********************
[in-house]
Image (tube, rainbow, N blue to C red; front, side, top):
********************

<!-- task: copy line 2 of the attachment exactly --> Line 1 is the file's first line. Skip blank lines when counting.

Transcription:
Image (tube, rainbow, N blue to C red; front, side, top):